At the 2010 Olympic Games in Vancouver, American Evan Lysacek won the men's singles figure skating gold medal without a single quadruple jump, while Russia's Evgeni Plushenko, who did have a quad in his program, took home silver. Four years later, this sort of scenario never materialized: Every top male competitor in Sochi had a quad in his program. Some had more than one. Some did their quads in combination with other jumps. Nearly two decades after Canadian world champion Kurt Browning first performed it, the quad jump has become something of a requirement for any men's figure skater to make it onto a major international podium. So what's next frontier?
"I can't imagine anyone landing a quad axel," Timothy Goebel told me. Goebel was the 2002 Olympic bronze medalist who was nicknamed the "Quad King" during his career. He performed a long program with three quads and was the first American to land one in competition. A quad axel would entail an extra half turn over its other quad peers and a forward edge takeoff, which greatly ups the difficulty. "I just can't see it happening," he added. "I think five-revolution jumps are off the table. I just don't see it happening."
His implication was that we're approaching the edge of skaters' technical capabilities. If the quad really is the end of the line in terms of jumping difficulty, what would that mean for the sport?
In 1984, American Scott Hamilton, now an excitable figure commentator for NBC, won Olympic gold without a triple axel (though others on the Olympic podium that year performed the three-and-half-revolution jump). Hamilton defeated Canada's Brian Orser, who'd won both the short and free skates, on the strength of his figures. The discipline is now a faint and faintly ridiculous relic of a distant era, but the basic concept was simple enough: Skaters would make etchings in the ice with their blades.
Figures demanded strong edges and knees, steady nerves, and two days of rink time at major international competitions for performance and evaluation. But it was boring. TV hated figures. Spectators didn't want to buy tickets to this event. Also, figures opened the door for cheating. Judges promoted their favorites and held others back, precisely because the discipline was so abstruse and never subjected to the scrutiny of a TV audience. Janet Lynn was the best skater of her time but relatively weak at figures and could never win the gold. People thought that she lost gold at the 1972 Winter Olympics when she fell during the long program, but in reality she'd lost it during figures. On the other hand, Peggy Fleming, the sweetheart of 1968, had weak skates in the short and long, but was so far ahead in points from figures that it basically didn't matter what she did in the televised competition.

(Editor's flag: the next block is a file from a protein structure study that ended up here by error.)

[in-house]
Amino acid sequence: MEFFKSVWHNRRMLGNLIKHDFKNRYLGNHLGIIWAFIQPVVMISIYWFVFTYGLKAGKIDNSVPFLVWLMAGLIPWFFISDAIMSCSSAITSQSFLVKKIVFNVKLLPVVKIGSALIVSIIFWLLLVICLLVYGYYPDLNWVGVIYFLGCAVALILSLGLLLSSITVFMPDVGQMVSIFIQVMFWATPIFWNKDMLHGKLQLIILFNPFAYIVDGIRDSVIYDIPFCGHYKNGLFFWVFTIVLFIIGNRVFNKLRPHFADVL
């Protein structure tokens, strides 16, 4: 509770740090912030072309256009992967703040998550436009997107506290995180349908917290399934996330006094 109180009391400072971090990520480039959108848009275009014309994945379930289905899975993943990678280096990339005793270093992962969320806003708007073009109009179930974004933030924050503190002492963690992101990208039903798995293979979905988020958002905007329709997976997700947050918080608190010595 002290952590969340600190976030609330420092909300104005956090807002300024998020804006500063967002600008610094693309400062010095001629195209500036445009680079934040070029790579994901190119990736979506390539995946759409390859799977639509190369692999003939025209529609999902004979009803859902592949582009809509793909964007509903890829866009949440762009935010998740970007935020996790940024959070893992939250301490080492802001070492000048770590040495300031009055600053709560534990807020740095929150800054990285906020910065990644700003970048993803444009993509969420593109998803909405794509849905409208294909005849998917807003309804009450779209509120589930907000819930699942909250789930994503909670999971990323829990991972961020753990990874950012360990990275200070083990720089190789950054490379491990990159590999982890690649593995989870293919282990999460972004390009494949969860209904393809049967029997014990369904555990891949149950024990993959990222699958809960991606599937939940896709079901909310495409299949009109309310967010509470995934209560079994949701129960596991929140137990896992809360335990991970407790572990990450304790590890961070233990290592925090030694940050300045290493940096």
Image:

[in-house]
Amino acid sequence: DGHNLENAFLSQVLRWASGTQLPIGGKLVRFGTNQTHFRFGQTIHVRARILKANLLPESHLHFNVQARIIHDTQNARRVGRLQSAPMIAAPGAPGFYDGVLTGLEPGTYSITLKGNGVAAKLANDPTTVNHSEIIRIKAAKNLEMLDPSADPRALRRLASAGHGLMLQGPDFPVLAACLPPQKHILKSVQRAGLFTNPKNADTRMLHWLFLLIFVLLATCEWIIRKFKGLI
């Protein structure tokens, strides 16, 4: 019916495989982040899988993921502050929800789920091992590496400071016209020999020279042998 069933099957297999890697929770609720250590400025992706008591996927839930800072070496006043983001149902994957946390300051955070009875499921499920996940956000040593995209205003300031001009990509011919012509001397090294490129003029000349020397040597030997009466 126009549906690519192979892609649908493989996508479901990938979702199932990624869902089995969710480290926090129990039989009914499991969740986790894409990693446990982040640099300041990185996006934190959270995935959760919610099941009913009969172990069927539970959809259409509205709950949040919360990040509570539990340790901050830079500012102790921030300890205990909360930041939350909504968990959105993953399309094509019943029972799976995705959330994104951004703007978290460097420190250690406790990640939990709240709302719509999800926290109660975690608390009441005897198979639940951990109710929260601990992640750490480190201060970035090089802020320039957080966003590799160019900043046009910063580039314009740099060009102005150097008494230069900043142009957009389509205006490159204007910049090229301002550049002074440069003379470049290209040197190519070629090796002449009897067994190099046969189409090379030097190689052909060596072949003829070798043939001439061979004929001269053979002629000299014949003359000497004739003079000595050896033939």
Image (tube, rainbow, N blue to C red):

Figures were last held at the 1990 world championships. Almost immediately, the impact of their elimination was felt. Kristi Yamaguchi, who had never been good at figures, won golds at the 1991 world championships and the 1992 Olympics. Midori Ito, the first woman to execute a triple axel, placed second behind Yamaguchi in Albertville. (Ito was also the 1989 world champion on the strength of her triple axel.)
Time spent on figures—up to four hours a day—was now used to develop jumps and other parts of the skating performance. Nowadays, skaters spend three or four hours on the ice and do the rest of their preparation off the ice. They begin mastering the difficult jumps from a young age.
Ito was also the first woman to compete a triple-triple jump combination back in 1982, when she was just a junior skater. Both of her feats—the triple-triple combo and the triple axel—remain the outer limit of jumping difficulty when it comes to women's figure skating.
It seems that the women's jumps have plateaued since the days of Ito. In the '90s, France's Surya Bonaly did attempt a quadruple toe loop but never landed it in competition. She also performed a back flip on the ice, a move that is now illegal in figure skating. (But it sure was badass.) Famously, Tonya Harding became the first American woman to do a triple axel, a feat repeated by a handful of other women since, including current contender Mao Asada. But it's really that triple-triple combo, introduced more than 30 years ago, that is the make-or-break move for today's ladies singles skaters. Those who can't do it have virtually no shot at the podium.